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On the PDO::Prepare page it states,

"and helps to prevent SQL injection attacks by eliminating the need to manually quote the parameters"

Knowing this, is there a PHP function like mysql_real_escape_string() that takes care of escaping stings for PDO? Or does PDO take care of all escaping for me?


I realize now that I asked the wrong question. My question really was, "What all does PDO take care of for me?" Which I realize now with these answers that it really only removes the need to escape the quotes. But I would still need to do any other PHP sanitize calls on the values that I pass to the execute function. Such as htmlentities(), strip_tags()...etc...



PDO does not escape the variables. The variables and the SQL command are transferred independently over the MySQL connection. And the SQL tokenizer (parser) never looks at the values. Values are just copied verbatim into the database storage without the possibility of ever causing any harm. That's why there is no need to marshall the data with prepared statements.

Note that this is mostly a speed advantage. With mysql_real_escape_string() you first marshall your variables in PHP, then send an inefficient SQL command to the server, which has to costly segregate the actual SQL command from the values again. That's why it's often said that the security advantage is only implicit, not the primary reason for using PDO.

If you concat the SQL command and don't actually use prepared statments (not good!), then yes, there still is an escape function for PDO: $pdo->quote($string)

Saturday, November 5, 2022

However, thanks to this guys. I found out that you need to pass the value by reference with a & before like that :

foreach($Fields as $Name => &$Value){
    $Query->bindParam(':'.$Name, $Value, PDO::PARAM_STR);

This was driving me nuts.

Actual quote from :

Vili 28-May-2010 12:01

This works ($val by reference):

foreach ($params as $key => &$val){
    $sth->bindParam($key, $val);

This will fail ($val by value, because bindParam needs &$variable):

foreach ($params as $key => $val) {
    $sth->bindParam($key, $val);
Monday, December 12, 2022

I can find nothing clear in the manual, but looking at the User Contributed Notes, the use of parameters is intended for actual values only, not table names, field names etc.

Normal string concatenation should (and can) be used.

$tablename = "tablename";
$stmt = $dbh->prepare("CREATE TABLE `$tablename` (id foo, int bar,...)");
Sunday, October 2, 2022

Well, at second glance your question looks more complex to be answered with just one link

How does php pdo's prepared statements prevent sql injection?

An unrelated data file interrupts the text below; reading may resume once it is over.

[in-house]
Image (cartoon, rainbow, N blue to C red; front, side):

How can prepared statements protect from SQL injection attacks?

What are other pros/cons of using PDO?

Most interesting question.
A greatest PDO disadvantage is: it is peddled and propagated a silver bullet, another idol to worship.
While without understanding it will do no good at all, like any other tool.
PDO has some key features like

  • Database abstraction. It's a myth, as it doesn't alter the SQL syntax itself. And you simply can't use mysql autoincremented ids with Postgre. Not to mention the fact that switching database drivers is not among frequent developer's decisions.
  • Placeholders support, implementing native prepared statements or emulating them. Good approach but very limited one. There are lack of necessary placeholder types, like identifier or SET placeholder.
  • a helper method to get all the records into array without writing a loop. Only one. When you need at least 4 to make your work sensible and less boring.

Does using PDO reduce efficiency?

Again, it is not PDO, but prepared statements that reduces efficiency. It depends on the network latency between the db server and your application but you may count it negligible for the most real world cases.

Monday, September 5, 2022

Since this question has been written, mysql introduced a spaceship operator that allows us to use a regular query to match a null value

WHERE fieldName <=> :fieldName;

will match both a null or any not null value.

So just write your query right away and execute it as usual

$stmt = $db->prepare('SELECT field FROM table WHERE fieldName <=> :fieldName;');
$stmt->execute(['fieldName' => null]);
$result = $stmt->fetchAll(); // whatever fetch method is suitable

And with dynamically built queries it's all the same.

Saturday, November 19, 2022
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